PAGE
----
That’s fine. Whatever floats your boat, but the fact is you have nothing to do with it. Other users give you stars and flags based on their own
criteria. Sometimes you get stars because of your humor. Other times you get stars for expressing the prevailing opinion and being politically
correct. Other times you earn stars for being a contrarian to prevailing opinion. To claim getting stars is a popularity contest is a simplistic
opinion. It’s more complex than that.
And sometimes stars “aren’t fair.” You see completely inane posts being given stars and those that take hours to prepare slip beneath the ATS
consciousness with no stars at all. Meh? It’s a fickle business. But OVER TIME stars come to those who put some effort into their posts and elude
those who don’t take posting seriously.
How you use stars is your own business. If you don’t care about stars, you probably shouldn’t be reading this post. From my perspective I simply
cannot read all posts on ATS. If I’m moving fast, I’ll pay more attention to posts with stars or people who have accumulated many stars and just
skip those with none. I don’t have that much time to waste. On the other hand, I give a person a break if they are new. Hint: Karma can help
identify bright new posters here. See below.
Many members have suggested that ATS incorporate a way to express disagreement with a post, a kind of “negative star” system like a thumbs-down.
This is discussed quite often in the Board Business forum. Quite clearly ATS prefers “positive reinforcement” as opposed to any sort of negative
rating system and they have opposed any suggestion of such.
The issue is that even on ATS there is a prevailing point of view. Having a negative rating system would tend to encourage dumping on contrarian
views. You can still disagree with a post and vehemently argue your own point of view, but don’t expect an anonymous negative rating system any time
soon. It has been discussed and rejected many times.
Simply a tally of how many posts you have made. Posts feed into the Karma and Wats scores, but not always in a positive manner. See why below. Though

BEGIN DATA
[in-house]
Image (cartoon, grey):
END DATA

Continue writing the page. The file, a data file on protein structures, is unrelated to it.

short posts are frowned upon, they aren’t really illegal here. A short post CAN be pithy or very funny. It’s just that posts like, “I agree.”
Or a simple smilie will likely get dinged. They don’t contribute anything worthwhile.
I’m indebted to member Sherlock Holmes for figuring out these formulas. As far as I know, ATS management has never been explicit about the current
scoring system. I believe Sherlock may have back engineered the formulas mathematically. I’m not really sure. In any case,
It's ((stars * 15) + (flags + applause) * 10)) / posts. So if you take the following example you get:
7466 stars 3979 posts 524 flags 87 applauses
((7466 stars * 15) + ((524 flags +87 applauses) * 10)) / 3979 posts
(111990 + 6110)/3979
118100 / 3979 = 29.68, rounds to 30
So the K score is 30. Note that the overwhelming variable here is stars, which are multiplied by 15. You get much less for flags (starting threads) or
‘exceptional’ posts that earned applause, both of which are multiplied by ten. Applause, which can earn you 500 points a whack, are counted the
same as a single flag here. “Applause” amounts to a staff-given flag. So right off the bat flags and applause are worth two-thirds of what stars
are. But the whole thing is divided by number of posts, which means the more posts you have, the lower your Karma Score. If you had 5,000 posts
instead of 3979 in the example above, your Karma Score would be 24. If you only had 2000 posts your Karma Score would be 59, twice what it is.
Therefore, making posts that do not earn stars is to your detriment. It is better to make one pithy post than two throw-away comments that don’t add
to the conversation.
Here’s where new posters get a break. It’s not as much a measure of quantity as it is a measure of quality. Someone with 100 posts can have the
same Karma as someone with 10,000 posts. Note there is a minimum. People start out with a Karma of 20 just as a baseline. It goes up or down fairly
rapidly depending on how you do after that.
One way of looking at this is the posts to stars ratio. Someone like me has a 2:1 ratio, i.e.: Two stars per post. I’m not claiming that’s stellar
performance, but it’s probably okay, but it’s nowhere near someone like sandman, who has a 5:1 ratio. When you see a ratio like that, as well as
the resulting high Karma score, sandman is someone to pay attention to. He does not waste his posts and usually has something interesting to say.
Karma is discussed in a very lengthy thread here: www.abovetopsecret.com...
, where Skeptic Overlord says,
“The karma calculation places a high weight on stars, a secondary weight on staff applause, and a tertiary lesser-weight on Flags; then compares all
that against the number of posts. So that it is indeed possible for a new member with few threads, but great ideas in lots of replies, to achieve a
higher "KARMA" than long-time high-WATS members.”
The sentiment is right but the information is no longer correct. Flags and applause have the same weight. But this was two years ago, which just shows
that things can change. Nevertheless, the Karma score is essentially a weighted ratio calculation with more emphasis on stars.
edit on 9/19/2012 by schuyler because: add